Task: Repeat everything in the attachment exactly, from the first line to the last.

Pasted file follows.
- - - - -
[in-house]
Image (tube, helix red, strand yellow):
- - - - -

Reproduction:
[in-house]
Image (tube, helix red, strand yellow):